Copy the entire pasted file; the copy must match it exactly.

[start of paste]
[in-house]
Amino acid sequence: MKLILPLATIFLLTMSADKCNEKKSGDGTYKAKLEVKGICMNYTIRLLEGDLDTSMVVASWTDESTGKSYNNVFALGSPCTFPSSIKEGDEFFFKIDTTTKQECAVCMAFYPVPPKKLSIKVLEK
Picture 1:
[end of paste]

[in-house]
Amino acid sequence: MKLILPLATIFLLTMSADKCNEKKSGDGTYKAKLEVKGICMNYTIRLLEGDLDTSMVVASWTDESTGKSYNNVFALGSPCTFPSSIKEGDEFFFKIDTTTKQECAVCMAFYPVPPKKLSIKVLEK
Picture 1: